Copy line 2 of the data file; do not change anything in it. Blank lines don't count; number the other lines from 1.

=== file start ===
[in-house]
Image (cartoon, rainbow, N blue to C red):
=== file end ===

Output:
Image (cartoon, rainbow, N blue to C red):